S-400 systems 'a declaration of Turkey’s independence’, minister says

Turkish Interior Minister Süleyman Soylu called the purchase of Russian-made S-400 air defence systems a declaration of Turkey’s freedom and independence during a rally in Istanbul this week, Turkish state-run Anadolu Agency reported.

Soylu spoke days after a letter from the U.S. Acting Secretary of Defense, Patrick Shanahan, set a deadline on July 31 for Turkey to pull out of the deal before it is ejected from the F-35 fighter jet programme.

U.S. and NATO officials fear the presence of Russian-built systems on NATO-allied territory could lead to security breaches, though Turkish officials have insisted the deal will go through.

“The S-400 is a declaration of freedom and independence,” Soylu said. “We asked the United States (for a missile defence system), and they didn’t give it to us. They broke their promise. Now we’re buying one for ourselves, because we’re strong enough. If we’d been strong enough yesterday, we’d have bought it then.”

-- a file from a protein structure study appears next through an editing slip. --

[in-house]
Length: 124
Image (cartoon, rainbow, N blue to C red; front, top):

Negotiations to sell Turkey U.S.-built Patriot systems reportedly broke down during former U.S. President Barack Obama’s administration over credit issues and disagreements over joint production of the systems.

The U.S. has given Turkey until July to pull out of the deal or face complete expulsion from the F-35 programme. Some  preliminary measures have already been implemented: Turkey’s pilots training in the F-35 programme have been grounded, and the United States stopped sending equipment related to the programme to Turkey in April.

Turkey’s NATO allies argue that the S-400 system is incompatible with the rest of NATO’s defences and would pose a security risk, since its radar system will pick up flight data on the F-35 and other NATO aircraft.

U.S. Brigadier General Todd Canterbury took the decision to ground the six Turkish pilots involved in the F-35 programme since he feared they could take classified information, such as that found in F-35 instruction manuals, if they still had access to them, Foreign Policy reported on Monday.

“(The United States) cannot risk exposing (its) national security technology to Russia,” Chair of the House Committee on Foreign Affairs Eliot Engel said.

But Turkish officials, including President Recep Tayyip Erdoğan, have insisted the S-400 purchase is a done deal and will not be cancelled. The delivery is due to begin by August, with a schedule published this year listening a date of deployment in Turkey this October.

Meanwhile, Moscow has offered its own hardware as a replacement for the F-35 jets if Turkey is expelled from the programme.

"If Turkey wishes to buy the Su-57s, we are open to cooperation on this front, too," Sergei Chemezov, the head of Russian state defence manufacturer Rostec, said last week.